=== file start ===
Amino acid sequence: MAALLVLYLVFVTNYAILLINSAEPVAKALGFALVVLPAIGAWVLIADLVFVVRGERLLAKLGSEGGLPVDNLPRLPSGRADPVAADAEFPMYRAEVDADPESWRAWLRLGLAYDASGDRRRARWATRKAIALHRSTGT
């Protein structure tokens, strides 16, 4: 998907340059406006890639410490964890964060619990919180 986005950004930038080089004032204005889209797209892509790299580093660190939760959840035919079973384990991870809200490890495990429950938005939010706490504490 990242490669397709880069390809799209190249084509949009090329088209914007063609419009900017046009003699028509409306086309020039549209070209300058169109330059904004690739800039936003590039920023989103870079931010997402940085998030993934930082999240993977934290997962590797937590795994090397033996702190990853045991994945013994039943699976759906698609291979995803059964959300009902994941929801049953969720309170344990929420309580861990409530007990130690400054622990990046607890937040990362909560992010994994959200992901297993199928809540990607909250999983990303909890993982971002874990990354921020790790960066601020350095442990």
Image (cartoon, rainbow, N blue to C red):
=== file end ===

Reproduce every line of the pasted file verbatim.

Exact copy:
Amino acid sequence: MAALLVLYLVFVTNYAILLINSAEPVAKALGFALVVLPAIGAWVLIADLVFVVRGERLLAKLGSEGGLPVDNLPRLPSGRADPVAADAEFPMYRAEVDADPESWRAWLRLGLAYDASGDRRRARWATRKAIALHRSTGT
């Protein structure tokens, strides 16, 4: 998907340059406006890639410490964890964060619990919180 986005950004930038080089004032204005889209797209892509790299580093660190939760959840035919079973384990991870809200490890495990429950938005939010706490504490 990242490669397709880069390809799209190249084509949009090329088209914007063609419009900017046009003699028509409306086309020039549209070209300058169109330059904004690739800039936003590039920023989103870079931010997402940085998030993934930082999240993977934290997962590797937590795994090397033996702190990853045991994945013994039943699976759906698609291979995803059964959300009902994941929801049953969720309170344990929420309580861990409530007990130690400054622990990046607890937040990362909560992010994994959200992901297993199928809540990607909250999983990303909890993982971002874990990354921020790790960066601020350095442990």
Image (cartoon, rainbow, N blue to C red):